There is no question that global warming and habitat degradation have led to the decline of natural abundance, and that we human beings are responsible. Under the delusion that we are other than nature, we have given ourselves permission to destroy it.

In a review of Michael McCarthy’s The Moth Snowstorm: Nature and Joy, Verlyn Klinkenborg finds McCarthy’s hope that encouraging “joy in nature” can meliorate nature’s demise undermined by  anthropocentrism: it ”values nature mostly for what it offers us… as a species, we repeatedly fail to acknowledge the equal and inherent right of all other species to exist, a right implicit in existence itself and in no way subordinate to our own.”

The industrial revolution is a very recent blip in human history; our hunter-gatherer and farming ancestors felt themselves in nature, a part of nature.  They used their considerable brains to adapt elements of nature for their use, but stood in awe and reverence before forces with their own agency that were far beyond human control.

Joy in nature is central to my life, so much so that the loss of natural abundance lowers my spirits considerably. Take, for example, the Pika, a small furry mammal that Joseph Stewart   mourns has gone entirely extinct north of Lake Tahoe due to global warming. “Pikas are adapted for the cold, with high metabolisms and thick fur covering them from the bottoms of their feet to the insides of their ears…..These same adaptations that allow them to survive during the wintertime also make them very vulnerable to overheating in the summertime.”  Spending too much time underground, trying to cool over during hot weather, they don’t to get enough to eat and so they fail to reproduce.

Such accounts leave me fearful that, as the climate shifts beyond the capacity of species to tolerate warmer habitats,  everything will go extinct, including ourselves. But what about adaption? What if  a Pika or two were born less furry than the others? These might give birth to offspring that could survive hotter temperature than their neighbors. Or, do Pika have the capacity for migration to cooler areas?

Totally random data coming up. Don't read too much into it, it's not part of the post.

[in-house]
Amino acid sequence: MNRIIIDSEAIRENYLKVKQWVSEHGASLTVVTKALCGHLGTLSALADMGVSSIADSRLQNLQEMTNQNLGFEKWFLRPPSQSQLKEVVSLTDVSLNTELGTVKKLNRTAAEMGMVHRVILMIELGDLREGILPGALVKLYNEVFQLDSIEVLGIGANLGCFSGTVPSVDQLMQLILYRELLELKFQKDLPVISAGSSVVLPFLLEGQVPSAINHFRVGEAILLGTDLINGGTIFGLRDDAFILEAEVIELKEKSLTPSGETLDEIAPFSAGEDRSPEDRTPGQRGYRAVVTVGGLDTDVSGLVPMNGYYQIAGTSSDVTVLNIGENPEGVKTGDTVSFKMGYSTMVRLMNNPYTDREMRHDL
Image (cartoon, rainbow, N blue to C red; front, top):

Isn’t evolutionary adaption much too slow? We know that plants and animals can evolve to tolerate new conditions, but is global warming hastening along too swiftly to allow for significant mutation?

Well, consider the case of the Italian Wall Lizard, once native to balmy Tuscany, which have escaped pet stores and adapted to New York City for the past 50 years. These “sprinters in evolutionary change,” writes Jim Dwyer, seem to have found warm enough lairs to survive;  they are spreading north along the Hudson River and Northeast into Connecticut.  Not to mention House Finches, which also escaped from pet stores in the twentieth century and are widely abundant; what is more, they have evolved new kinds of beaks to deal with seeds typically found in bird feeders.

On a visit to an exhibit at the Royal Ontario Museum in Toronto, I learned that tropical climates exhibit the greatest species diversity of all other ecosystems. As the earth heats up, won’t species proliferate in the warmer climate?

I live in hope.